Vogue India brought out the crux for the reason for female abuse with just one line: “Ladke rote nahi”. In the ad #StartWithTheBoys found many of us guilty and shaking our heads for using this phrase and perhaps invariably cultivating pent up aggression.

How A Simple Statement That Most Parents Think Is Right Can Have Such Severe Repercussions

Vogue India wanted to expose, in their empowering and eye-opening ad, a common parenting mistake made with young boys in India, where saying just one simple and innocent line, “Boys Don’t Cry” or “Ladke rote nahi” to a young boy forces him to grow up to be an abusive man. In the ad, the boy goes through various stages of his life constantly being reminded by everyone including his own mother that boys don’t cry whenever he emotes sadness, grief or happiness.

A Little Boy, discouraged from Crying, Grows Up to Be a Monster

The boy, Rohan is seen as a child crying profusely while taking a bath but the mother commands him to sit down and stop crying. She leaves him at school again reminding him not to cry as he is not a girl. She mocks him by asking, “Are you a girl? Why are you crying?” while little Rohan is forced to hold back his tears as one of his girl classmates looks on. Rohan cries out to his mother for some love and compassion but in vain.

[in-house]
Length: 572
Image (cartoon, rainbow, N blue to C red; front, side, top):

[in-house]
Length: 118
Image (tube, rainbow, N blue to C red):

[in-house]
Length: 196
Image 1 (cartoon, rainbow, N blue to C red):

Rohan then weeps as his mother leaves him with his grandparents again reminding him that boys don’t cry. As Rohan grows up he faces the same words from his friends on the playground, from his swimming coach, from the nurse in the hospital, from his football coach, and from his buddies.

The ad ends with Rohan now married and looking on in guilt and confusion as he firmly holds on to his wife’s hand before he lets her fall to the ground. We see her bruised, battered and bloody face, shedding tears of sorrow, misery, and pain.

“It’s time we teach boys not to make girls cry. Start with the boys.”

The ad ends with these lines leaving an impact on the viewers. Vogue India wasn’t afraid to expose the truth in a bold way. Domestic violence and physical abuse still plague most households in India only to be ignored and covered up.

All this because mothers and the society have instilled in their young boys not to shed a tear or emote any kind of feelings whatsoever which only cultivate pent up anger, frustration, and aggression. Maybe it’s time we let the boys cry and mature emotionally so that they learn the importance of not making the opposite gender cry.